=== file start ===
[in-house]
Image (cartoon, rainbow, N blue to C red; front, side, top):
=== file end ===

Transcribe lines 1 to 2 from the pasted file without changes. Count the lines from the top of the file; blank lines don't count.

[in-house]
Image (cartoon, rainbow, N blue to C red; front, side, top):